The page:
Last week, Julius Jones became Notre Dame's all-time leader in kickoff return yardage. He needs just 3 yards to pass Tim Brown to become the all-time leader in total return yardage (kickoff and punts). This season, Jones is averaging only 18.8 yards per kickoff return while Vontez Duff leads the team with an average of 22.4 yards per return (the same average as BC's Will Blackmon). Duff has been the main man on punt returns, averaging a very good 13.0 yards per return (as compared to 10.0 for Blackmon). Notre Dame's kicking game is normally on the capable foot of Nick Setta. Setta has made 9 of 10 field goals this season and is averaging 40.9 yards per punt, but has missed two consecutive games and may not play against BC (I have no definitive information). Setta's replacement at both kicker and punter is DJ Fitzpatrick who is 2 for 4 in field goal attempts and is averaging a weak 36.1 yards per punt. Analysis: Notre Dame would have a major advantage in the kicking game if Setta were playing. Vontez Duff has been a better punt returner than Will Blackmon so I'll give the small edge in special teams to Notre Dame.
Advantage: Notre Dame
This Saturday's game will be a matchup of two teams that have been a disappointment this season. Notre Dame has played a very tough schedule so the 2-4 record is probably not as upsetting to their fans as the way they have played. The Irish have been outscored by an average of 13 points per game and if not for an amazing fourth quarter comeback in the opener against Washington State, the Irish would be 1-5. They were absolutely demolished by Michigan and USC. After winning four of five games, the Eagles expected to beat the Orangemen last week, but were routed 39-14 in a key Big East game. Lack of emotion should not be a problem this week for either team. The Irish would love to avenge the 14-7 loss to BC last year and erase memories of last week's beating at the hands of the Trojans. The Eagles will need to rebound from a beating of their own and a loss this week could jeopardize the Eagles chances for a fifth consecutive bowl game.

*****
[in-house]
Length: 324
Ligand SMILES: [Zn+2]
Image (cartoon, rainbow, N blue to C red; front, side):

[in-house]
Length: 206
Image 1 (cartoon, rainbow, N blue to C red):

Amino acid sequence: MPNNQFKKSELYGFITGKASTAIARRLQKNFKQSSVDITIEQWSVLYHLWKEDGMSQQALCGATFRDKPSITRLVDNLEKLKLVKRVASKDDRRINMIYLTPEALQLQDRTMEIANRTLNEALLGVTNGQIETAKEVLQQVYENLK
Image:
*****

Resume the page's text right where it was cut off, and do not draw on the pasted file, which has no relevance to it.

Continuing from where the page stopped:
The Irish are a difficult team to judge because of the murderous schedule they have played. The Irish have played five teams in the top 15 in the country. Last season, Notre Dame won because of big plays and turnovers. The Irish scored nine touchdowns last season via a punt, kickoff, interception or fumble. This season they have not scored by any of those methods. In fact, the Irish are -3 in turnovers for the year. It is critical that BC forces Notre Dame to earn their scores and not give them a short field to work with. The Irish offense has rarely been capable of moving the ball for long drives and their red zone efficiency has been very weak (only 3 TD and 9 FG in 16 red zone trips). Notre Dame has had five plays of 25 or more yards in each win but two or fewer such plays in each of their four losses so big plays remain a key to their success. BC also needs to avoid penalties which have killed them all season. The Eagles have been called for more penalties (10 per game) than all but seven Division 1-A teams. The key to the game for BC, other than not making big mistakes, will be to contain Julius Jones. If the Irish can't run the ball effectively, they will have little hope of generating a passing game. The Irish have been terrible in third down situations this year (103rd in the nation at 30.8%) so the Eagles will benefit greatly from slowing the Irish ground game and forcing them into passing situations. Gaining yards on the ground with Derrick Knight may be tough again this week so Quinton Porter will need to continue to look downfield. He has plenty of options and Vontez Duff can't cover all of them. My biggest worry is the Notre Dame pass rush. If the Irish are getting to Porter, the offense will need to make better adjustments than they did a week ago. It will be very good news for BC if Nick Setta is not able to play. I expect a very close, low-scoring game on Saturday afternoon. I think BC has the mental edge after two consecutive wins over the Irish and playing at home won't hurt.
Final Score: Boston College 20 Notre Dame 16